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All is fare as commuters pay more for taxis

By Cao Yin and Zheng Xin | China Daily | Updated: 2013-07-17 07:47

People seek alternate modes of transportation to get around city

Increased taxi fares have been a hot topic since they were introduced at the beginning of June.

Some passengers are finding it easier to hail a cab on the capital's streets, although the fare hike has caused some disgruntlement.

Cui Shaoyu, 25, works for a media company and proudly recalls how she easily grabbed a taxi recently at a notorious waiting spot.

Normally there are long lines outside Beijing West Railway Station, an area where tens of thousands of people come and go every day, she said.

But one day, after the fare increased, she got a taxi without any problem.

"It used to be a major challenge. I have to say calling for a taxi has been easier after the fare went up," she said. "And no taxi drivers have refused me."

However, she told China Daily that the fare hike has hit her pocket.

The previous fare from her workplace east of the Third Ring Road to the Military Museum in Haidian district was 50 yuan ($8) for the 17 km journey during evening rush hour.

Now it is 65 yuan.

"When I watch the rising fare on the electronic display, I am worried."

Zhang Fa, 26, who works for the Capital Library, has decided not to use taxis anymore.

"There are more empty taxis on the streets now but they are more expensive.

"You really notice it when you are stuck in congestion," she said.

Zhang has taken the underground option on the subway.

Traffic congestion remains a major problem.

It is a daily struggle for Wang Xiaorui, 30, to get from home in the Tongzhou district to work near the Fourth Ring Road.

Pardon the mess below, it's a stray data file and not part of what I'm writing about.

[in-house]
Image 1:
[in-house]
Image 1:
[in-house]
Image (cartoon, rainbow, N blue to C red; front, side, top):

"The rising taxi fare may have resulted in more people driving, so the roads are more crowded," she complained. She is opting for buses and walking.

It is not just some passengers that are disgruntled. One taxi driver said his income has not improved despite the fare hike.

Jia Xuesong drives for the Jinshishun company and said his income has decreased and he has to work harder.

"Passenger numbers have dropped. Before the fare hike, I could get 20 trips a day, but now the number has gone down to 15," he added.

Liu Jinxin, another taxi driver from Chang Huade Cab Services Co, also said his passenger volume has decreased.

"Maybe passengers still need time to adjust to the higher fare," he said.

"My income has increased a little but not by much."

Wang Limei, secretary-general of the China Road Transport Association, said governments in other countries invest more in public transportation.

Duan Jinyu, an expert with the city planning department at Tsinghua University, thinks taxis can be defined as public transportation, although at a higher level than buses.

This would allow for a coordinated and integrated approach to all types of public transportation in the capital.

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